Latvia shocks, inspires and dissapoints

  • 2006-05-10
  • By Justin Wally

DIVE FOR IT: Finnish goalie Antero Niittymaki dives to deflect a shot by Latvia's Aleksejs Sirokovs during Latvia's second game on May 7.

RIGA - Latvia's opening match against the Czech Republic on May 5 will be remembered as one of those special "I was there" evenings for those fans fortunate enough to get their hands on a ticket. The capacity crowd inside Riga Arena made so much noise, it could have been the May 21 Final. The talented Czech Republic is certainly one of the world's finest teams and might yet contest that gold medal game later this month.



Such though was the support from Latvia's maroon and white hordes that suddenly, just prior to the start of the game, anything seemed possible for the hosts. The old adage that playing at home is like having an extra man seemed to ring true as Latvia matched their central European opponents in the early stages before taking a shock lead when Aleksejs Sirokovs' shot evaded the Czech keeper and finished in the net. Instead of conceding a sloppy equalizer, a disciplined Latvia reacted to their seventh minute breakthrough with a solid defensive performance. Sergei Naumovs was the star-man, making a dozen saves in the first period before the Czech team regained parity moments before the first buzzer.

Vyborny's equalizer in the 20th minute of the first period should have given the Czechs the psychological edge in the second period, but Latvia battened down the hatches to shut out their talented opponents. The third period was a similar affair with Latvia's keeper, Naumovs, making a number of vital stops to keep the score at 1-1. But for a good save from Hnilicka, the home side could have won it in the final minute; the puck sliding agonizingly past the far post, bringing with it an enormous collective gasp from inside Riga Arena.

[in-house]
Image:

Buoyed by their excellent performance against the Czech Republic, Latvia was more than ready to take on Finland. They matched the much-fancied Finns in the early exchanges, and when Tuomo Ruutu was sent off for an atrocious challenge on Mikelis Redlihs they were presented with a two-man advantage in the last five minutes of the first period. Despite laying siege to the Finnish net, Latvia failed to profit from their numerical advantage and ended the first period 0-0. Latvia's inability to take advantage of the five against three exchanges betrayed the team's limitations to the Finns who came out for the second period firing on all cylinders. Jari Viuhkola soon gave the visitors the lead, and when Tribuncovs gifted Tomi Kallio the chance for a one-on-one against the Latvian keeper, the Finn confidently outwitted Naumovs to score his third goal of the tournament.

The crowd sensed there was no way back for the Latvian team, and when Ville Peltonen made it 3-0 mid-way through the third period, it was just a question of how many goals the Finns would add to the scorecard. When Finland scored its jaw-dropping fourth goal, Latvia knew it was over. Aki-Petteri Berg appeared to side-foot the puck into the net, but unbelievably referee Chris Savage ruled Berg's use of the foot as legal 's a decision that even had Latvia's President, Vaira Vike-Freiberga holding her head in her hands in the crowd. Jani Rita rubbed salt in the Latvian wounds with a fifth goal, five minutes before the end.
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